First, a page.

A recent Gallup poll found 70% of employees aren’t engaged at work. This may be caused by boredom, low pay, lack of communication, or slow career development. Many industries are feeling the impact. They may see it in slower service, reduced attention to detail, missed sales targets, or upset customers.
But the consequences are greater when a security guard checks out. People can get hurt, businesses may be exposed to increased theft and vandalism, and stressful situations (a lost child, crowd control, or medical emergency) may get out of hand.
Billions of dollars are lost annually due to overall employee turnover in Canada. This isn’t representative of only the security industry. That number considers more than just lost hours. It factors in the cost of finding, training, and equipping replacement workers as well as reduced productivity.
But nowhere is the issue of turnover more acute than in the manned guarding industry. High turnover rates, low retention, and employee engagement have always been a challenge for security firms and corporate security departments. Today, the high turnover rate in the security guard industry is a key challenge.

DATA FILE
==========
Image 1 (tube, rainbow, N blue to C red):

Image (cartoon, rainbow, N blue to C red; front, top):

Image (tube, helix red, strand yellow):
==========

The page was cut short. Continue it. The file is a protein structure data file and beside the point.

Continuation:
Security office and security guard turnover rates are thought to be over 100% annually. That means that the average private security firm has a completely new workforce every 12 months. It’s why it’s so necessary for security companies to do things like offer competitive wages. This can help reduce churn in a role that occasionally asks employees to risk their lives.
In addition to going over the common reasons for employee turnover, we’ll discuss wages and a few other tips in this blog that can help reduce turnover rates, increase engagement, and retain your best security officers.
- Increase wages and improve benefits
- Set up efficient schedules
- Ensure employees can succeed
- Offer advance and recognition opportunities
- Provide ongoing training and education
- Offer physical and mental health support
- Determine your security officers’ long-term goals
- Create a strong company culture
- Provide strong leadership
- Use software to find and retain talent
Leading Causes of Employee Turnover in The Security Industry
Let’s acknowledge the reasons behind the industry’s turnover problem before diving deeper into how to fix the problem. Here are a few:
Low pay and minimal benefits
The average hourly rate for an unarmed security officer is $17 per hour according to the Indeed. This equates to a average annual wage of $40,986 in 2022, making living on a one-income salary difficult in most Canadian cities.
Quality security industry benefits are rare and typically limited to full-time employees. A lack of hours can knock a guard down to part-time status and potentially impact benefits eligibility.
Result: Security officers will leave for the slightest pay increase or access to better benefits.
Low employee engagement